We can look forward to no longer being where we have not even arrived. A good reason not to go there.
If the Greeks imagined the underworld river Lethe as washing us clean of all memories, we can wallow in the waters of soul-wrenching loss in romantic agony when faced with the mere possibility of a beautiful or exciting encounter.
Better not sing to me, grey nightingale! What if your song touched my tender sensibilities?
Better not let me help you, suffering stranger! What if I became attached to helping others?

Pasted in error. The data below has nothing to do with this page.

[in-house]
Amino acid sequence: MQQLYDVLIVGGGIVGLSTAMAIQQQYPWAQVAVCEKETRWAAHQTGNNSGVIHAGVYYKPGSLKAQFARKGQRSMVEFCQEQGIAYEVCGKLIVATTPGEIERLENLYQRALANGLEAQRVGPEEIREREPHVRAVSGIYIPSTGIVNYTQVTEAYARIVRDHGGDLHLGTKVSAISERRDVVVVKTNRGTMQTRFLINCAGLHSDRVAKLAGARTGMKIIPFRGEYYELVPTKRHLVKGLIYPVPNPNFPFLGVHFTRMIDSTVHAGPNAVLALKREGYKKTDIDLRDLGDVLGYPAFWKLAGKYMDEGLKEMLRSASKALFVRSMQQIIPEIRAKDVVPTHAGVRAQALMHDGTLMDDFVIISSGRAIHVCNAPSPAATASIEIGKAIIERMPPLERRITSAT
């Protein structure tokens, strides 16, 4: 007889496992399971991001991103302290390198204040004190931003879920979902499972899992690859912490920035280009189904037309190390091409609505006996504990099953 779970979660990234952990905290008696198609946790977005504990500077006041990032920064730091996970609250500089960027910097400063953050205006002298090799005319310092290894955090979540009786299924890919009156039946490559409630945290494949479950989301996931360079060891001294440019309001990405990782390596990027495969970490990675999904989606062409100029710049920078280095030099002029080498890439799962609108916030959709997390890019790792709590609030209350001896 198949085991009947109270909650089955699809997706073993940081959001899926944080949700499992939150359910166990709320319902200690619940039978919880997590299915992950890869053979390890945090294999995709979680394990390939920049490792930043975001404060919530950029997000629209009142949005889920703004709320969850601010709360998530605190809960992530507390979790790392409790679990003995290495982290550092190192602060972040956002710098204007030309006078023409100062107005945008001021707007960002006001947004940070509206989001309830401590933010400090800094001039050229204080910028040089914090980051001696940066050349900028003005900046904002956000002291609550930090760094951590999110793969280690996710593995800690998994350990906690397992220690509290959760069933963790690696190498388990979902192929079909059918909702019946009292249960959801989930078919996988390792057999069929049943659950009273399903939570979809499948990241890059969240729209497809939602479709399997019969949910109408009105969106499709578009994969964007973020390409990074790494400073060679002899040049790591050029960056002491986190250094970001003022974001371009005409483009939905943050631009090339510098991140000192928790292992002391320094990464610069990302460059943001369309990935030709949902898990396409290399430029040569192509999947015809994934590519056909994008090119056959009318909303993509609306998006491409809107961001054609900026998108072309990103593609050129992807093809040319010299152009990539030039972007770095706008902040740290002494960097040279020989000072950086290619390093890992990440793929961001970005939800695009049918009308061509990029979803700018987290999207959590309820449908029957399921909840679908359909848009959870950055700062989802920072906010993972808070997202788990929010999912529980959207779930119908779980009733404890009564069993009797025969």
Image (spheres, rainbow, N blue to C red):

We’d better stick with the fact that this is a tough world and then trust in the shallow waters of forgetfulness of what we have done. Another form of romanticism in this: finally fainting into a blackout, somewhere in the underground holy waters for the righteous, the highly competitive.
After all, those are the only two choices, face the possibility of eternal nostalgia or make sure that we will be glad to forget who we were.
(Never mind the delighted anticipation of the child too excited about today to worry, too young to be addicted to dark pangs of nostalgia or wishing for the guilty grace of forgetting.)